Thoughts on Independence Day

This year as the fourth of July approaches I’ve been thinking a lot about my wild yet enlightened uncle Charlie.  Although I have several agreeable uncles, Charlie was the coolest of the bunch and as a young lad I looked up to him.

Born in the ‘50s into a musical family, Charlie aka “Chuck” grew up in the ‘60s and ‘70s, riding motorcycles, playing baseball and the electric guitar.  He listened to classic rock—always at maximum volume of course, later introducing me to the Beatles, Pink Floyd, and other musical greats.  He also introduced me to the great philosophers, such as Socrates, Plato, and Enlightenment thinking in general ... plopping five-hundred-page books on my desk as an “assignment.”  He always lived life to the fullest and unfortunately passed away last year at a young age, perhaps related to living it so fully.

Lookin’ for Adventure ... Easy Rider

What does this have to do with the coming weekend?  Well, if you’re not familiar with holidays of the United States, July fourth is more importantly known as Independence Day.  Roughly, the anniversary of the day thirteen American colonies declared themselves free of the tyranny of the British Crown and therefore able to choose their own destiny.

One of the clearer memories of my early years as a young teenage punk, was a summer afternoon (Journey probably playing in the background) when my uncle said:
“Oh yeah ... you’ve gotta read the Declaration of Independence and the Constitution.  You’ll be amazed at the crazy *** you’ll read in there!  Politicians today would think you’re a lunatic if you brought up the ideals of the founding fathers.”
(*** stuff/shit/things - Memory fuzzy on that point.)
—Uncle Chuck, circa 1983
Hmm ... the documents I learned about in history class?  Ok I thought, I don’t have them handy (and won’t be on the internet for another full decade at least).  But, Chuck is pretty cool—I’ll file the observation away for later.

Eventually a few years passed, and I did get around to them.  It turns out they’re not as long (or boring) as you might think, just two or three pages for the Declaration, double or triple that for the Constitution.  That’s pretty damn concise for the definition of a new country and a new experiment in government in general.  And guess what, I was amazed.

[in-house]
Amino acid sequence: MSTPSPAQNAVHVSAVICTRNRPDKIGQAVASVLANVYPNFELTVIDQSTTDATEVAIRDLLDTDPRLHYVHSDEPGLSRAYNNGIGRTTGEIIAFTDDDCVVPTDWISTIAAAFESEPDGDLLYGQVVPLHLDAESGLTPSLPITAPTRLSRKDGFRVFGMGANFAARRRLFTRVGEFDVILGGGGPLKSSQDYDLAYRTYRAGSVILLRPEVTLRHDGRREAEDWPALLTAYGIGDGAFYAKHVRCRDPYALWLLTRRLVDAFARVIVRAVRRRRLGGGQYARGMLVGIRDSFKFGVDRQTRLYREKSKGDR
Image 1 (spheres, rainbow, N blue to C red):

Life, Liberty, and the Pursuit of Happiness

So this weekend, I call on you to put that second burger down a moment and take a look at the Declaration of Independence yourself.  Here’s my amateur take:
When in the Course of human events, it becomes necessary for one people to dissolve the political bands which have connected them with another, and to assume among the powers of the earth, the separate and equal station to which the Laws of Nature and of Nature’s God entitle them, a decent respect to the opinions of mankind requires that they should declare the causes which impel them to the separation.
A very elegant way of saying it’s over and here’s why, wouldn’t you agree?  It gets better ...
We hold these truths to be self-evident, that all men are created equal, that they are endowed by their Creator with certain unalienable Rights, that among these are Life, Liberty and the pursuit of Happiness. — That to secure these rights, Governments are instituted among Men, deriving their just powers from the consent of the governed, — That whenever any Form of Government becomes destructive of these ends, it is the Right of the People to alter or to abolish it, and to institute new Government, laying its foundation on such principles and organizing its powers in such form, as to them shall seem most likely to effect their Safety and Happiness.
These are the “magic words of American history,” as described by historian, Joseph J. Ellis.  Some of the most well-known and important words that have ever been written. 

These first paragraphs speak heavily of Natural Rights, the idea that freedom is a gift from nature and/or one’s creator, and can’t simply be taken away by a government.  The idea wasn’t new at the time, and are in fact borrowed in part from John Locke and other Enlightenment figures.  Thomas Jefferson, the primary author and his contemporaries, John Adams, Ben Franklin, and others in the Continental Congress therefore built upon the shoulders of giants before them in authoring the document.  What was new was that the future American union would be the first direct implementation of many of these ideals.  The French Revolution would come soon afterward, becoming the second.

Wait a minute, did they just say that a government that doesn’t meet the needs of its citizens should be destroyed?  Yes they did.